Around 10pm (GMT) on Saturday night, DrownedinSound was watching with a dumb smile as Bradford Cox and Deerhunter ploughed the motorik beat of some incredible new song into the concrete of Barcelona’s Parc del Forum, from the bleachers by the ATP stage a few metres from the Mediterranean. Back in the UK, you were watching as 14-year-old Warrington lad George Sampson spasmed his way to victory in front of some scantily clad toddlers and a confused border collie on Britain’s Got Talent. While not wishing to rain on the winner’s parade, DiS is moving the fuck to Spain.
Anyway – so many people watched Sampson pop his body to Mint Royale’s version of ‘Singing in the Rain’ (the program attracted an average of 13.1m viewers and a peak of 14.4m according to unofficial overnight figures) that the track is tipped to top the UK singles charts this weekend. Well, it’s more than ‘tipped’ – it’s outselling closest rival and last week’s number one, Rihanna’s ‘Take a Bow’, by two-to-one.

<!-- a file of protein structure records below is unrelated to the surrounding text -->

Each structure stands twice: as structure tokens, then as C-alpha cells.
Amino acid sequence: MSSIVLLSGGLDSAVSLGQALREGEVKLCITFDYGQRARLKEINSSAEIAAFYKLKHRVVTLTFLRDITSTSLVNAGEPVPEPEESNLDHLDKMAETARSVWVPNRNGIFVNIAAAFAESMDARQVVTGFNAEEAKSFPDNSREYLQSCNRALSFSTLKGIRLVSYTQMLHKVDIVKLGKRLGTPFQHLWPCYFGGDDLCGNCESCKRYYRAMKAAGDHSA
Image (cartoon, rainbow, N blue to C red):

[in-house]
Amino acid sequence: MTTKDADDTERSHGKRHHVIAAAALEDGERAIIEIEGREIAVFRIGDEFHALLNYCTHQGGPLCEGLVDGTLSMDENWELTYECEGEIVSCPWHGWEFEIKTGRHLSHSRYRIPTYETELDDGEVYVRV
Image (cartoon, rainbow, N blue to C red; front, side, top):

But while this will presumably be seen as just another turd tossed atop British pop culture’s creaking coffin, the truly unprecedented thing is that this will be the first track to top the charts purely through the combined might of Google and iTunes. There is absolutely no push behind ‘Singing in the Rain’ from Mint Royale’s record company Sony – no stocking in shop shelves, or plugging through radio, press et cetera.
So essentially ‘Singing in the Rain’ is Britain’s first ever autonomous number one single, emerging from the limbo of singles past left to drift in the virtual realm to take 100 per cent of its profits through download. Not a single physical copy has been sold.
That's something for the industry to think about - along with just how they're going to turn Sampson's abysmal breakdancing into pound notes.
DiScuss: what single should George Sampson's whack dancing send to number one next?
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